We have a question that we can ask at this point. Was the prayer of Paul to go to Rome a prayer that pleased God? Now think about this. Paul wanted to go to Rome to minister to the Roman Church. But in the infinite wisdom and eternal decrees of God, the Lord had predestined that Paul would enter Rome as a prisoner. So when Paul was praying and asking to go to Rome, and yet God's will was that he not go there except later as a prison (Acts 27:1-28:17), was Paul's prayer agreeable to God even though it was not in harmony with specific His eternal purpose? Likewise, if God has eternally ordained whatever is predestined to occur (Acts 4:28), then can our prayers that are not in complete accordance with His will be pleasing to Him. The answer is yes.

You see, we are responsible for what is the revealed will of God, not the secret will. God desires that we pray to Him and that we ask Him for such things as forgiveness of sins, intercession for others, healing, etc. We know that we are to pray these because we have been instructed to do so in the Bible. Therefore, we are in the will of God when we ask for forgiveness, intercession, and healing. But, what about those things where we do not know the specific will of God. Can our prayers be agreeable to God when they're not in His absolute and perfect will? Again, the answer is yes.

Our prayers are agreeable to God when they are offered in humility, sincerity, and submission to God's will -- and, most importantly, when they are offered through the one and only High Priest and mediator, Jesus (1 Tim. 2:5).

It should be the nature of our prayers when we do not know the exact will of God in a matter (like buying a new home, getting a new job, or moving), that we offer those prayers upon the condition that they be within the will of God. Our requests to God do not mean that we have the right to demand anything of Him. Rather, we have the privilege, through Christ, through the cross, to approach the throne of God and ask the Holy Father those requests that are upon our hearts. But, even as Jesus said in the garden, "not my will, but your or will be done," (Luke 22:42), so too must we offer our prayers to God with those same words, "not my will, but you or will be done."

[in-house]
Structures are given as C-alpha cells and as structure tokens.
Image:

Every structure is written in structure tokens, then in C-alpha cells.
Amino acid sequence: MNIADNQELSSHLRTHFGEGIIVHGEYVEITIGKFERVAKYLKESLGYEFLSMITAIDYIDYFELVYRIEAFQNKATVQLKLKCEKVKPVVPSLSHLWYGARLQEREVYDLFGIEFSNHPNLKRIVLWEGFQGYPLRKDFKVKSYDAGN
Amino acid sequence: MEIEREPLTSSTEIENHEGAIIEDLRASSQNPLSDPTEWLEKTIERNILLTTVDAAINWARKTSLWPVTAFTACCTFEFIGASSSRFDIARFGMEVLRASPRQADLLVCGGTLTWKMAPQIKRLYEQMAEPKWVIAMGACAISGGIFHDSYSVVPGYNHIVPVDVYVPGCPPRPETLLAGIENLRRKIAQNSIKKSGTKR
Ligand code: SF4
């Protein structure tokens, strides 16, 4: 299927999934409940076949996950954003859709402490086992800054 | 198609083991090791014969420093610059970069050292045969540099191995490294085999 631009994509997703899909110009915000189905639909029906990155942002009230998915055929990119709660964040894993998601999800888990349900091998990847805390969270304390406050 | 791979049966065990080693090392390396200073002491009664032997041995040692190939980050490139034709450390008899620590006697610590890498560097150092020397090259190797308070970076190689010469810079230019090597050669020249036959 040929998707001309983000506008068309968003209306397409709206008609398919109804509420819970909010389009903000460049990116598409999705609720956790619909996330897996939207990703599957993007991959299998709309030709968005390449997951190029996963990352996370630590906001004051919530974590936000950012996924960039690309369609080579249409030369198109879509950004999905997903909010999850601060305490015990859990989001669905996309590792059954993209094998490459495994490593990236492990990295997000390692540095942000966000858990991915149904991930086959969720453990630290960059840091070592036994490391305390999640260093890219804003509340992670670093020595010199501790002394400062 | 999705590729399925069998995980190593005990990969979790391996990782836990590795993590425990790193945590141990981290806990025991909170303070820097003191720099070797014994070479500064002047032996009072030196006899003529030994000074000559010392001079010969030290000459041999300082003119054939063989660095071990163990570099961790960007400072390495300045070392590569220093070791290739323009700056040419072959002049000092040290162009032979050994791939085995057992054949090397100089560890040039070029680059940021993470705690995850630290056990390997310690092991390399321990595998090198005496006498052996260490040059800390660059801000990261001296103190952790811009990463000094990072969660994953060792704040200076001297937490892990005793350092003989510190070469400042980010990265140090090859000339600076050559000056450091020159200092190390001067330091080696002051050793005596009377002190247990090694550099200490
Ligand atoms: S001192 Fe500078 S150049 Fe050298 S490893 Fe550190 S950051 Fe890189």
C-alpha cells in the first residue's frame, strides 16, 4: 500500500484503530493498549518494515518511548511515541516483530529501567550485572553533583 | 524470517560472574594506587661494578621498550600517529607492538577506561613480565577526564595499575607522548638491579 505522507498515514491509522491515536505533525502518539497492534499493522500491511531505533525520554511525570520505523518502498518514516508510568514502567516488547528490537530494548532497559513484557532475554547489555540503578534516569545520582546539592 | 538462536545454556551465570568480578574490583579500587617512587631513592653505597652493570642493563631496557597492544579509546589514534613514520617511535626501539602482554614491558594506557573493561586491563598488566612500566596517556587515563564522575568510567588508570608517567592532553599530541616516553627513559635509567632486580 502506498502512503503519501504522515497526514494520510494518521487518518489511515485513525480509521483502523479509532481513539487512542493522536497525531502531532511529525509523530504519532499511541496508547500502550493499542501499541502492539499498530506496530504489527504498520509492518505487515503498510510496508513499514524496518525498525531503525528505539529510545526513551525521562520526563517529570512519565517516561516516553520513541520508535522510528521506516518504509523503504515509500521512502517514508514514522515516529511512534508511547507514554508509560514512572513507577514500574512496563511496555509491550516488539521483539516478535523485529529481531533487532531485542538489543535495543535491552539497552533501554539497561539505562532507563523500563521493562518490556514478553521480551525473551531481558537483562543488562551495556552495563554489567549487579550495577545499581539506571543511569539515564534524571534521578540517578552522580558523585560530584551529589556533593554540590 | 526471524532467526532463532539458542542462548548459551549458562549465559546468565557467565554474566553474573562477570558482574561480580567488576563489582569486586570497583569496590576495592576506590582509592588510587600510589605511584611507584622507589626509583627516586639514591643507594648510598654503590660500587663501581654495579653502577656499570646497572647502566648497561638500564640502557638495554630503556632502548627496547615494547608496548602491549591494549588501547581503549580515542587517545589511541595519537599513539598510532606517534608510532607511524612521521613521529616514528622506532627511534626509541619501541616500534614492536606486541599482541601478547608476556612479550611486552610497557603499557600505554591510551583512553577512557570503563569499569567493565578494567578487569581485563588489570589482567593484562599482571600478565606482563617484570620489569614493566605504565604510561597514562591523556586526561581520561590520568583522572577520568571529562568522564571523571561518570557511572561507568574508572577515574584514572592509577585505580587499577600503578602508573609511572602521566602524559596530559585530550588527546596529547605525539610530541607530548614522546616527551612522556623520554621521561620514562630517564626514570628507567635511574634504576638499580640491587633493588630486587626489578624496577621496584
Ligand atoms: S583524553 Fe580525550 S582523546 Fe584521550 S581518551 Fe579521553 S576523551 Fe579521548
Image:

Prayer that seeks the will of God is a privileged necessity. As Christians we are to pray for the revealed will of God, for the spreading of the gospel, for carrying out the Great Commission, and for our own sanctification. Such prayers cannot be empty words. They must be accompanied by intent and submission to God's will with an intent to accomplish what God has revealed. This is why to pray without action is to mock God because it means we do not think enough of speaking to God to act upon our words thus uttered. Likewise, to act without prayer is arrogance because it means we do not need God and His counsel, and thus we rob Him of His glory.

Paul the Apostle sought to complete his prayers with his actions which he earnestly desired to be in harmony God's will. Therefore, we too need to pray and be willing to act upon our prayers and to do that which is necessary to accomplish those requests; that is, if it be within our power to do so and if they be according to the will of God. And, for those prayers whose ultimate answer rests in the eternal decrees of God, we must pray in humble submission seeking His divine will and always trusting Him no matter what the outcome. To God be the glory as we seek His face and carry out His will.


About The Author

Matt Slick is the President and Founder of the Christian Apologetics and Research Ministry.